This research received no external funding.

Data Availability Statement

Not applicable.

Conflicts of Interest

The authors declare no conflict of interest.


ΤTorque (Nm)
τcrankCranking torque (Nm)
τaccessLumped torque of mechanical accessories (Nm)
τcctClosed throttle torque (Nm)
Jeng, JmotorEngine and motor inertia (kg)
α1, α2, α3, α4Coefficients for static friction, Coulomb friction, viscous friction, and air compression torque
ωAngular speed (rad/sec)
τref, τdemandReference and demanded torque (N-m)
τmotor, τregenerationMotor and regenerative torque (N-m)
τspin_lossToque loss in spinning (N-m)
Pelectrical, PmechanicalElectrical and mechanical power (kW)
Vbus, VterminalDC bus and terminal voltage (V)
ICurrent (A)
R Resistance (Ohm)
SOCState of charge
TTemperature (°C)
CCapacitance (F)
AHrAmpere hour
CVTContinuous variable transmission
xState variable
uControl variable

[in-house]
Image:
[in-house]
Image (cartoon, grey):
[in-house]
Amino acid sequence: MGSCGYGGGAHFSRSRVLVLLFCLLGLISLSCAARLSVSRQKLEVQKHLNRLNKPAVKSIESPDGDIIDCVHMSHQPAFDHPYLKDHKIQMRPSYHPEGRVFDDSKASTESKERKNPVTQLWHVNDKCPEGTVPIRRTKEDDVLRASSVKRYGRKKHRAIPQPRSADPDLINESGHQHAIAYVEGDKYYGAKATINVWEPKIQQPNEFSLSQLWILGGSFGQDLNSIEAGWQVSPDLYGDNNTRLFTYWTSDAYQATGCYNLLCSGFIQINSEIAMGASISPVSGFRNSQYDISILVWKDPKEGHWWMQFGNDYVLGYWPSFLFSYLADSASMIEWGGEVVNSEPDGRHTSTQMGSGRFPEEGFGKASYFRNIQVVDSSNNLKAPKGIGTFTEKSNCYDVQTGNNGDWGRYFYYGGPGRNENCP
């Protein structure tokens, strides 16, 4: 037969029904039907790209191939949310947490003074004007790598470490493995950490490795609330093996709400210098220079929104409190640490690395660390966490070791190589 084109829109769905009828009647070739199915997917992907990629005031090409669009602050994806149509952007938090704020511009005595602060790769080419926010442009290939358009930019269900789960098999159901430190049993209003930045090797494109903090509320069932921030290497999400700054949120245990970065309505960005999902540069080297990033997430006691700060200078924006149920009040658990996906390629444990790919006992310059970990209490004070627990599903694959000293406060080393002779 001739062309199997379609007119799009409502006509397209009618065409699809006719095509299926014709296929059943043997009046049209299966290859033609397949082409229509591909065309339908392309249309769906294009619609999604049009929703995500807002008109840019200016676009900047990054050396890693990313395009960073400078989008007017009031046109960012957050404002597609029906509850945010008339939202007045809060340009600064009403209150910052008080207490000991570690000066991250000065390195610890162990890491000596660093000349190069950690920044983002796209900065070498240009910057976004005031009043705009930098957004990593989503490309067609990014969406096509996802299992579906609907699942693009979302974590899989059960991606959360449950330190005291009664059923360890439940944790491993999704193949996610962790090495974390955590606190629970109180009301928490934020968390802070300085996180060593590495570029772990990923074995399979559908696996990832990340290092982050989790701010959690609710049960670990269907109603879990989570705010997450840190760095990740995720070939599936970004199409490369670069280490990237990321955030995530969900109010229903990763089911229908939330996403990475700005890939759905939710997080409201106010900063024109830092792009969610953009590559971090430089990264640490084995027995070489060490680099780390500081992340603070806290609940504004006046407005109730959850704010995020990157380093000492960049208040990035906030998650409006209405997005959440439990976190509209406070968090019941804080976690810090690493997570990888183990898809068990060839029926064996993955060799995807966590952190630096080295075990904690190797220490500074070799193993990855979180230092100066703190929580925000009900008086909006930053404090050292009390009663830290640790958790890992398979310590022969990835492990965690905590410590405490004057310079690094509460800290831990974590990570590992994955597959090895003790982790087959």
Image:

ΓSet of possible hyper-rectangles
dSize of rectangle
Φ(Γs)Hyper-rectangle with best-objective-function value
Set of all best-objective-function hyper-rectangles
crCenter of objective function


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Figure 1. Architecture of parallel HEV.
Figure 1. Architecture of parallel HEV.
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Figure 2. Battery model.
Figure 2. Battery model.
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Figure 3. Energy management scheme.
Figure 3. Energy management scheme.
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Figure 4. Hyper-rectangle formation in the DIRECT algorithm.
Figure 4. Hyper-rectangle formation in the DIRECT algorithm.
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Figure 5. Identification of hyper-rectangles.